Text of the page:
Communications and Digital Committee
Corrected oral evidence: Digital regulation
Tuesday 16 November 2021
Members present: Lord Gilbert of Panteg (The Chair); Baroness Bull; Baroness Buscombe; Baroness Featherstone; Lord Foster of Bath; Lord Griffiths of Burry Port; Lord Lipsey; Baroness Rebuck; Lord Stevenson of Balmacara; Baroness Stowell of Beeston; Lord Vaizey of Didcot; The Lord Bishop of Worcester.
Evidence Session No. 2 Heard in Public Questions 11 - 16
I: Rachel Coldicutt, Director, Careful Industries; Sally Sfeir-Tait, Chief Executive Officer, RegulAItion.
USE OF THE TRANSCRIPT
This is a corrected transcript of evidence taken in public and webcast on www.parliamentlive.tv.
Examination of Witnesses
Rachel Coldicutt and Sally Sfeir-Tait.
Q11 The Chair: Welcome to our witnesses, Rachel Coldicutt and Sally Sfeir-Tait, who are giving evidence to our inquiry into digital regulation. We are focusing on how the regulators join up and co-ordinate their work; how they look to the future as well as react to issues that are in the public domain now; and the relationship of the regulators with Parliament and parliamentary oversight. Rachel and Sally, thank you very much indeed for coming and giving us evidence today. The session will be broadcast online, and a transcript will be taken.
Rachel Coldicutt is an all-around expert on the social impact of new and emerging technologies. She is director of research at Careful Industries and has held a number of roles in the sector in recent years. She was the founding CEO of Doteveryone, an organisation that came very early to the debate about the responsible use of technology and its societal impact. Sally Sfeir-Tait is the chief executive officer of RegulAItion, a solicitor and a barrister. She has held a variety of roles in the financial services industry and in the sector. We have two excellent witnesses to help us shed light on the issues we are discussing today.
In response to the opening question, add any further points about your background or any initial thoughts that might be helpful, if you want to. Let us get stuck into the first question.
Q12 Baroness Buscombe: Welcome, Rachel and Sally. The first question could almost be: “How long is a piece of string?” It makes me happy in a way, because 10 years ago I had the audacity to suggest publicly that we may at some point need to regulate the online world. I was thinking particularly about young children. I was lambasted from here to Hades, by the media and journalists in particular. We are in a better place now: we accept that there has to be some form of regulation, but we also want to make sure that we do not stifle innovation. What will be the biggest challenges for digital regulation over the next 10 years?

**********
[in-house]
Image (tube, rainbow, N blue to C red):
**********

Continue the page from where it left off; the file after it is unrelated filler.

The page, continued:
There is a second part to the question, and it is probably better if I ask both parts first, but we can interject. How can regulation keep pace with developments in technology? The two are intertwined, are they not? You cannot really discuss one without the other. Rachel, let me ask you first.
Rachel Coldicutt: I will add that I am a non-exec at Ofcom, but I am not here to represent Ofcom at all. This is something that I think about a lot. We are clearly at a moment when things seem to be moving at pace. Currently, it feels like there is a lot of fairly atomised energy. I will begin by looking at what is happening now in order to think about how to look ahead. We are thinking about the individual harms or consequences that are arising, and looking at very specific technologies, but not thinking about how or why. If we look at what has happened over about maybe the last three months, the rate at which a news story about a harm comes out is probably weekly, if not daily on occasion. This shows that the way to regulate is to think not about what has happened but about what will happen. It is much more important to think about the world we want to live in, the role of technology in it and how technology can make a positive difference rather than constantly going after the bad.
At the moment, no one is really talking about how it ought to be, only about how it is all absolutely awful. Not only is there an imaginative piece there to think about potential, but we should think about what has happened over the last year and a half. Technologies that were created for one thing have been used for another. Zoom has become a school, a dance class and a church hall. If we had taken the approach to regulating that is coming out in the online safety Bill, everybody would be up in arms, because no one had thought about how to regulate online dance classes.
We are not really thinking about the way that technology turns into the things that we need. The first part of that is to look ahead and not continue to look back. Secondly, to your point about how you keep up, it is about creating the pace as opposed to running along afterwards. If we can think about the mechanisms we use not just to instrumentally regulate content, data, privacy or algorithms but to articulate, above that, the kind of world that technology can play a role in and incentivise good, there is a real opportunity there.
Baroness Buscombe: That is incredibly optimistic. I like what I am hearing from you, Rachel. We tend to be very reactive, and some of us are quite concerned that people are going to have quite extraordinary expectations that the online harms Bill will cure the problem. Those of us who know something about this world know that is a big ask and is probably not possible. It is better to think much more deeply about the possibilities, what we want to have and how we can innovate to achieve that, which sounds much more practical.